When: Saturday, 16 January 2016 – 11 AM with hike at 1 PM
Where: Suwannee River State Park
3621 201st Path, Live Oak, FL
15 miles west of Live Oak on US 90Maryvonne Devensky, Chair of the Suwannee-St Johns Group of the Florida Sierra Club, says:
Please come to educate yourself about this pipeline that will transport natural gas. It will affect yourself and your family. It will change the environmental make up of your county for years to come. It presents some dangers to the North Florida environment, to human health, and it is not a done deal!!! Sierra Club is already part of a lawsuit in Georgia to oppose the Sabal Trail pipeline. Sierra Club also participates in a coalition named Spectrabusters. For more information about the Sabal Trail pipeline, go to www.Spectrabusters.org. Most of all Sierra Club has a major campaign to stop fossil fuel as a source of energy: Solar Energy is the renewable energy of choice. We will decide on several actions to take to oppose this project. See you at the Park on Saturday!Sierra Club made a significant contribution to the WWALS Watershed Coalition legal fund for WWALS v Sabal Trail & FDEP, and Maryvonne spoke at a recent Suwannee County Commission meeting. She notes that the fracking well spewing methane for four months into the sky above Los Angeles, finally causing both Los Angeles County and the state of California to declare states of emergency, may bring some attention to the huge problems of the fossil fuel industry. Spectra Energy, which wants to drill under the Suwannee and Santa Fe Rivers in Florida, last May had a pipeline blow out under the Arkansas River in Little Rock. Kinder Morgan (KMI) wants to expand its Florida Gas Transmission (FGT) pipeline to 36 inches in diameter like Sabal Trail, from Suwannee County to Jacksonville, in what KMI calls the Jacksonville Expansion Project (JEP). KMI’s application to the Federal Energy Regulatory Commission (FERC) for JEP says that Sabal Trail can connect if it wants to. A mere 4″ FGT pipeline blew up in a fireball in Bell, Florida in 2012 when a tree fell on it. Sabal Trail or JEP would carry 80 times as much fracked methane. In 2009 an FGT pipeline blew up between the Florida Turnpike and I-95, flying a 104-foot piece of 18-inch pipe through the air, shutting down both roads, and fortunately missing a high school. That’s even before getting into the risks to the fragile karst limestone containing our sole source of drinking water, the Floridan Aquifer. As the Florida, Georgia, and Alabama Sierra Club chapters wrote in March 2014,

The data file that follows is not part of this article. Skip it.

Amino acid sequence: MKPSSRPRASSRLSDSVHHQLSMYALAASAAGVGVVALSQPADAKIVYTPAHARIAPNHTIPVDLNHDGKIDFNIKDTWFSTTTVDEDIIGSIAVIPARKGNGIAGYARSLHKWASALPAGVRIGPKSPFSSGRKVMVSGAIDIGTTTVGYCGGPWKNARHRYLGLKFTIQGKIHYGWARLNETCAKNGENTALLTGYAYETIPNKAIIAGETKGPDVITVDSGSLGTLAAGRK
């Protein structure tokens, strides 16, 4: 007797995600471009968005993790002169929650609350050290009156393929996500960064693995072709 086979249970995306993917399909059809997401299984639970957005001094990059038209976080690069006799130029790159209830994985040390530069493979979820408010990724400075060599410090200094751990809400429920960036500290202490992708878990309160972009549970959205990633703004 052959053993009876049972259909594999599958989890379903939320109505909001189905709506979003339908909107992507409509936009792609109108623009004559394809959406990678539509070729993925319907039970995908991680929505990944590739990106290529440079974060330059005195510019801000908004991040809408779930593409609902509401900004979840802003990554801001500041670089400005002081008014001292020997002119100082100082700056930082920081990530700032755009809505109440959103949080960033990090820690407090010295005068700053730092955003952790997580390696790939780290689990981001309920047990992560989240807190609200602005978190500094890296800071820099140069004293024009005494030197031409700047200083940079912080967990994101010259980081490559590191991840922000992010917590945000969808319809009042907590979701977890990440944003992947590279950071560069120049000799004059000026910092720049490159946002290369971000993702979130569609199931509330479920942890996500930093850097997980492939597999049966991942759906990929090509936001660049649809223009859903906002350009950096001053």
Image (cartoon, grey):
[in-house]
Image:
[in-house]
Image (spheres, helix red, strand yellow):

The Sunshine State, which will be the sole recipient of the fracked natural gas transported through this pipeline, should expand energy efficiency measures and solar power capacity rather than increase its dependence on natural gas which already accounts for more than 60% of Florida’s electricity generation.
ContactMaryvonne Devensky, Chair, Suwannee St Johns Sierra Club email@example.com, 352-871-1606 Debra Johnson, Board member, SpectraBusters Inc., firstname.lastname@example.org, 386-209-5886 John S. Quarterman, President, WWALS Watershed Coalition Inc., email@example.com, 229-242-0102, see also WWALS blog post Merrillee Malwitz-Jipson, Policy Director, Our Santa Fe River, firstname.lastname@example.org, 352-222-8893, see also OSFR blog post